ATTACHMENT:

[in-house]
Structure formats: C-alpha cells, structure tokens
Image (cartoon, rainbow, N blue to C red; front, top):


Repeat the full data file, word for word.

[in-house]
Structure formats: C-alpha cells, structure tokens
Image (cartoon, rainbow, N blue to C red; front, top):